Prepare for post-Kim Jong-il era
By Zhiqun Zhu
North Korea has developed a dangerous habit of firing a missile (sometimes with a nuclear warhead) every once in a while. World leaders have scratched their heads and clenched their teeth, but no satisfactory solution has been found to end the North Korea quandary.
The leaders of the United States, Japan and South Korea have recently stated that they would never accept North Korea as a nuclear state.
This ''ostrich policy" is obviously not conducive to the resolution of the sticky issue. Let's call a spade a spade: North Korea is a ''de facto'' nuclear state. A solution to the North Korea problem must begin with recognizing this fact.
North Korea's moves are all calculated and often well-timed to grab the world's attention, to squeeze more aid from other countries or to demonstrate to its own people the regime stands firm against foreign imperialists.
Depicted as aggressive and menacing to its neighbors and the United States, North Korea believes it is the United States that has been hostile and militant. The impoverished North Korea needs the nuclear program as a bargaining chip; it is also in dire need of energy, which the nuclear technology can provide.
It is highly unlikely that Pyongyang will actually use the nuclear weapons or missiles against its neighbors or the United States - the communist leaders are fully aware that it will be suicidal.
Having suffered from a stroke last summer, Kim Jong-il is apparently considering picking his successor now. Kim Jong-un, his youngest and favored son, has been rumored as the next leader of North Korea. If this proves true, there might be some hope for North Korea.
Educated in Switzerland
The younger Kim is reported to have been partially educated in Switzerland. At the International School of Berne, he learned English, German and French. He was introverted but friendly to his classmates.
Unlike his father and grandfather (Kim Il-sung), he has first-hand experience in a capitalist society of the West. It may be wishful thinking, but Kim Jong-un may possibly introduce political and economic reforms to North Korea after he consolidates his power.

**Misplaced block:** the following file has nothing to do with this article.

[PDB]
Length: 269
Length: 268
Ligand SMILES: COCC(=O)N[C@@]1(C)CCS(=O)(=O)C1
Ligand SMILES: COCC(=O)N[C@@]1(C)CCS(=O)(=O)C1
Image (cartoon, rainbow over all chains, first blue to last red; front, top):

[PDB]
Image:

Consider China: Mao Zedong, who only spent several months in Moscow and never ventured to the West, kept China in isolation and constant conflict with foreign powers while Deng Xiaoping, who studied and lived in France as a teenager, brought a sea of changes to post-Mao China.
When Deng emerged as China's leader after the Cultural Revolution, the United States and other Western countries welcomed him. Then-President Jimmy Carter invited him to Washington and praised his bold economic reform initiatives.
Why can't President Barack Obama do the same to North Korea and begin to establish a working relationship with Kim Jong-un? The West and North Korea's neighbors should reach out to Kim Jong-un as early as possible, to welcome him with caution and encouragement, and to help North Korea's peaceful leadership transition.
Kim Jong-il's recklessness has put North Korea's only ally, China, in a dilemma. China's fundamental policy toward North Korea are the ''3 No's" - no war on the Korean Peninsula, no sudden collapse of North Korea, and no American troops on China's borders.
Beijing finds itself between a rock and a hard place - severing supply lines to North Korea may lead to the collapse of the North Korean regime, but punishing it too lightly will not give North Korea a serious lesson.
North Korea's nuclearization may trigger an arms race and even military conflict in Northeast Asia; and North Korea's demise may usher in a speedy unification of a pro-West Korea and the deployment of U.S. troops along China's borders.
North Korean refugees
What China is concerned most about is not the flooding in of North Korean refugees as a result of the Pyongyang regime's sudden collapse - China would have little difficulty feeding these refugees.
It is the 1.1 million North Korean soldiers that worry China the most. These soldiers, equipped with the weapons and skills to kill, will create the biggest challenge to China's security and stability if they cross the border into China.
China has long lost confidence in Kim Jong-il. A change in Pyongyang's leadership, with the likelihood of policy changes within North Korea, is perhaps what China hopes for most.
North Korea is predictably unpredictable, but one thing is clear now: it is determined to acquire nuclear technology and develop nuclear weapons.
What North Korea needs most is not the two light water reactors promised to it under the collapsed 1994 Agreed Framework; it wants a security guarantee and diplomatic recognition.
The United States does not permit North Korea to possess nuclear weapons, but it is unclear what the United States wants from North Korea in the long-term.
Nearly two decades after Russia and China established diplomatic relations with South Korea, neither the United States nor Japan has taken steps to recognize North Korea.
Keep your friends close and your enemies closer. The future of North Korea is far from certain. Sanctions will not affect the lives of North Korean rulers and will only cause more suffering of the common people.
To acquire nuclear technology per se does not make North Korea more dangerous - how it will use it matters more. Since North Korea is already nuclear-capable, why don't we keep it closer by signing a nuclear cooperation deal with it and co-managing its nuclear program?
Ultimately, the United States and Japan - the two ''hostile external powers" - must be prepared to negotiate with Kim Jong-il's successor and seriously consider establishing diplomatic relations with Pyongyang.
Meanwhile, the Western media should refrain from demonizing Pyongyang's new leader. After all, North Korea is a Confucian society where respect is a virtue. Show him some respect, and he is more likely to respond in kind.
Contact: Division of Communications
Posted July 15, 2009